When I first arrived in Boston, I came across some oddly worded stickers that were present on some of the doors of the MBTA’s Red Line, “THESE DOORS DO NOT RECYCLE,” did some research, and responded to what I saw as vague and potentially dangerous.
This was covered in The Boston Globe:
Many moons ago, we wrote about signs on some Red Line doors that read “These Doors Do Not Recycle.”
The transit-speak means that the doors are not sensitive to touch and if you get stuck between them, they will not reopen.
The signs were located on the Red Line’s 20 oldest trains, and pledges were made when we last write [sic] about them (Dec. 12, 2002) that they would soon be replaced.
The stickers were supposed to have been made more rider-friendly as well.
Well, over the past 2 1/2 years, 10 trains have had their doors replaced. That means 10 have not. Some of the stickers haven’t been replaced either; this has prompted one transit guerrilla to place stickers under the “recycle” stickers asking a simple question:
“Do you know what this means?” reads the headline on the sticker. Then it goes on.
“The doors with this sticker are not equipped with the sensors to know when something is preventing them from closing. Meaning, you can get stuck in this door and unless somebody hits the emergency button… well… you get the idea.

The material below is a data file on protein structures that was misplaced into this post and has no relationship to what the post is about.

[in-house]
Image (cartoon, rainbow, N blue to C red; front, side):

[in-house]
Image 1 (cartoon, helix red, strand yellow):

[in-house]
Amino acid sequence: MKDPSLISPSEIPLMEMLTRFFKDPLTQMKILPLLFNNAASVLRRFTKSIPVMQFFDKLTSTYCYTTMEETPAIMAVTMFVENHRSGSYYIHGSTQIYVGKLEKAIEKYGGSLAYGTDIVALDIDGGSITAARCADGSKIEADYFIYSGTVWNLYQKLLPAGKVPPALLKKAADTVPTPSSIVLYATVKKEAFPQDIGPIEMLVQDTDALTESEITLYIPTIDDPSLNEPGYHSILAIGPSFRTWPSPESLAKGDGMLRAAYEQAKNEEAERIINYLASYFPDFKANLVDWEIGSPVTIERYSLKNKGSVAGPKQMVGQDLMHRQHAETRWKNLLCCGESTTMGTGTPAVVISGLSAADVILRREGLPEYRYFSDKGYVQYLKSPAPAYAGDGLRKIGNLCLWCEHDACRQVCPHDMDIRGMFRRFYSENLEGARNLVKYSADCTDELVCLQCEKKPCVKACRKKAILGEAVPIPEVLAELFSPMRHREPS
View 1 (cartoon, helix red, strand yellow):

“In 2002, the MBTA claimed they were updating the stickers to make sense to people that don’t speak subway jargon. They haven’t. They also said there was a program to replace these unsafe doors. Why are they still here three years later?”
The tactic worked, a bit. By the end of the day Friday, MBTA spokesman Joe Pesaturo promised that the stickers would be replaced on the 10 remaining cars with stickers that read: “These Doors Do Not Open Automatically.” Eventually, the doors will be replaced too.
As for those wonderful guerrilla stickers, Pesaturo said they would be removed as well.
My stickers were put up on August 5th on all the doors that had the jargon sticker. By August 14th, all the stickers had been replaced by paper taped to the door that read “These doors do not re-open automatically,” which was subsequently replaced by actual stickers on August 20th.
All the offending doors had been replaced by mid-October.